Eric Carle inspired ladybugs

One of the Eric Carle books that just has to be read and enjoyed every year is The Very Grouchy Ladybug.

We love the art work, as a teacher I embrace the math concepts, and we enjoy all the animals.  But we wonder, why does that ladybug need to be so grouchy!

We sorted that conundrum by making not-so-grouchy ladybugs! Eric Carle style.

First we looked at how Eric Carle created his ladybugs - he cut painted paper.

We started by making painted paper.

Each child painted half a piece of heavier bond photocopier paper red with a sponge. I love how sponges cover a lot of paper quickly - and create wonderful lines and textures with the paint.

When the papers were all painted, I cut them to 5 1/2" x 6" rectangles (and saved the scraps for other projects).

The kids decided if they wanted a ladybug that was taller, or a ladybug that was wider.  Then they cut two "curvy corners" at the top of their paper.

Cutting curvy corners is a tricky skill. It seems much easier for the kids to draw and/or cut a concave curve than a convex one. We keep practicing ....

A black ladybug head. It starts a  2 1/2" black square of construction paper. Four curvy corners later, it is a ladybug head.

A ladybug is an insect, therefore it has six legs. A couple pieces of black construction paper -- 2.5 x 3"  are cut into three legs each.

A ladybug needs 2 antennae. We drew them on with a black crayon.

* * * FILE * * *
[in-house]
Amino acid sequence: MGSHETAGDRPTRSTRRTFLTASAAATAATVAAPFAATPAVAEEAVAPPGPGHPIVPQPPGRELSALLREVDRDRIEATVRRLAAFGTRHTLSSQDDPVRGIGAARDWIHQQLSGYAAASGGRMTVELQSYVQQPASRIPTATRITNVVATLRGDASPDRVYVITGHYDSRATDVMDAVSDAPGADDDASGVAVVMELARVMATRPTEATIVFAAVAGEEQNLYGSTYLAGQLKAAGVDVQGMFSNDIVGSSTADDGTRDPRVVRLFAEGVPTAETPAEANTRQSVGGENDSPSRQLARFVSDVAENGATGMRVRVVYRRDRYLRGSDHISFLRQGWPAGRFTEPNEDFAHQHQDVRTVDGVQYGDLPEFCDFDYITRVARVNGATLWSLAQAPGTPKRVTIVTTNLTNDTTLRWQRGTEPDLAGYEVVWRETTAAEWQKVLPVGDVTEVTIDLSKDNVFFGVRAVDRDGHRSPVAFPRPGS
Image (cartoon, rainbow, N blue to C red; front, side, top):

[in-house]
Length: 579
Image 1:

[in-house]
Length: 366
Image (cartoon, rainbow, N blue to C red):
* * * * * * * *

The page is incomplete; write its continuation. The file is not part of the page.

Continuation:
And spots. Time for some more math. We shook our handy dandy container that holds two dice, shook it, and added the numbers together.

That's how many dots the ladybug got. Not very scientific, but quite mathematical. 

The ladybugs needed faces. Grouchy faces  -  or not-grouchy faces.  

Each child had to decide what kind of ladybug they would like to be. We chatted about different emotions, and how our faces and bodies look when we are feeling them. 

I took photos of all the children, printed them, and the kids glued them onto the ladybug black head. 

The Grouchy Ladybug was very verbal. There was absolutely no doubt how she was feeling about the world.  Our not-so-grouchy ladybugs also needed to have a voice. 

So we gave them one. 

Click on the speech bubbles to get your own copy. 

Sometimes a smaller ladybug is the right size ladybug.

We have also made them with 3 1/2 x 4 1/2"  red paper, 2" square paper for the round head, and 2 pieces of 1 1/2 x 2" paper to cut to make the legs.  Click on the graphic below to print the speech bubbles.

We enjoy lots of Eric Carle activities in our classroom. Click on the photos to get the low down.

The Very Lonely Firefly

The Very Hungry Caterpillar

The Very Tiny Seed


1 comment

  1. Those are very sweet bugs! I like how the kids have the option to give their bugs a different defining characteristic :)


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